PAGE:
Jens Risom (1916)
Danish architect, furniture and interior designer; born Copenhagen, active in the United States.
Risom studied interior and furniture design at the Arts and Crafts academy of Copenhagen. Upon graduating in 1937, he worked briefly for architect Ernst Kuhn. In 1939, he immigrated to the United States where he established himself as a proponent of the Scandinavian Modern style, which, at the time, had not yet achieved popularity.
That changed in 1940, when his design for a model house in New York´s Rockefeller Center attracted widespread attention, generating both publicity and commissions ¬ó among them the distinction of being the first person invited to design furniture for Hans Knoll.
One of Risom´s most recognizable designs, the Birchwood chair (1941), made of molded birch and army surplus webbing, was the result of this collaboration. Still in production today, it illustrates his preference for natural materials, in sharp contrast to the metal and molded plastics often used by many of his notable contemporaries.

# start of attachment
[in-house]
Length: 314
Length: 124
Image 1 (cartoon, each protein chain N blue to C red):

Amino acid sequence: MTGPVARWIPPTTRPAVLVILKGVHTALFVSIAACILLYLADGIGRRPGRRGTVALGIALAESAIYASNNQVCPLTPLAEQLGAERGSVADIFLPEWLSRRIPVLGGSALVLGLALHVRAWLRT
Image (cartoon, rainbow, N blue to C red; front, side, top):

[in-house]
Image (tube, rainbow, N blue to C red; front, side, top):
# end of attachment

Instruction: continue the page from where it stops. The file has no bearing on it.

After the Second World War, Risom founded his own furniture business, Jens Risom Design. He was a pioneer of the modular furniture system, at the time a cutting edge concept. His innovative product lines consisted of standard, interchangeable components, and, because they made efficient use of available surface areas, were ideal for the newly emerging open plan office. Risom served as chief designer until 1973, when he sold his company to Dictaphone. He then moved to New Canaan, Connecticut, where he founded a consultancy studio called Design Control. It is still active.